Attorney withdraws in Venezia wrongful death suit, must return $1,600 fee

Amelia Flood Dec. 9, 2009, 10:11am



St. Clair County Circuit Judge Patrick Young ordered St. Louis attorney James Schottel Jr. to return $1,600 that he was paid by the parents of a murdered 22 year-old as a condition for allowing Schottel to end his representation of them.

Schottel's clients, Michael and Cynthia Anderson of Belleville, are suing the estate of deceased racketeer Thomas Venezia and Robert Staack for the wrongful death of their daughter, Jennifer.

Although the suit was brought more than two years ago, neither defendant has been served in the case.

Schottel filed to withdraw from the case Sept. 15, citing the loss of his office staff and the person who helps him due to his use of a wheelchair.

Schottel did not appear at a hearing Sept. 15 nor did he appear at the case's last hearing in November.

Michael Anderson expressed his frustration at the lack of the progress in the case to Young during the Wednesday morning hearing.

Jennifer Anderson was found dead in the Belleville home she shared with Venezia in July 2005. She had been shot in the back of the head. Venezia was also found dead from a gunshot wound. The police ruled the deaths a murder suicide.

The Andersons allege that Staack is guilty of negligently entrusting a gun to Venezia who was allegedly ill and suffering from depression.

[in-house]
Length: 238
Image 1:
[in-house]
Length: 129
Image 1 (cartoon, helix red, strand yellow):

The couple was emotional as they addressed the court and presented receipts of their payments to Schottel.

"What we have is a deceased daughter," Michael Anderson said. "We want some answers."

The Andersons told Young that they blame both Schottel and local counsel William Berry of Collinsville for the situation.

"Every time I talk with Mr. Berry, the problem is Mr. Schottel's," Michael Anderson said. "And every time I talk to Mr. Schottel, the problem is Mr. Berry. Neither of them has performed at all in this case."

Michael Anderson told Young that he had placed over 50 calls to both attorneys that have not been returned. He also said that he had offered to transport Berry and Schottel to court appearances using his transport company.

Berry told Young he had only entered in to the case as a favor to the Andersons, not to represent them.

Schottel said that the loss of his staff made it impossible for him to continue, given his physical condition. He said that he had informed the Andersons of that.

Young ordered Schottel to repay the $1,600 retainer the couple paid him in order to withdraw. He then granted the Andersons 21 days to find a new attorney.

During the hearing, Schottel told Young that he had taken the case when no one else would. He also said that he had copied the case file at the Andersons' request and sent it to Edwardsville attorney Thomas Maag.

Maag viewed Tuesday's hearings from the gallery although Young asked if he needed to be part of the proceedings.

"Mr. Maag," Young said, "you appear to be more than a casual interloper here."

"Your Honor, I am just a casual observer in a public courtroom," Maag replied.

The case is set for a case management conference Jan. 11, 2010.

No attorney or filing has been entered on the behalf of the defendants.

St. Clair case number 07-L-359.

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